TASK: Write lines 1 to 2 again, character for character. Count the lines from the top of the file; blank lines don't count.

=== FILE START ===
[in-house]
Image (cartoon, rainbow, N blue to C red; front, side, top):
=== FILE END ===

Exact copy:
[in-house]
Image (cartoon, rainbow, N blue to C red; front, side, top):